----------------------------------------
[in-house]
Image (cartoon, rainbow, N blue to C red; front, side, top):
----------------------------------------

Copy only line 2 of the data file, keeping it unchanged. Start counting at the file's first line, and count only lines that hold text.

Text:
Image (cartoon, rainbow, N blue to C red; front, side, top):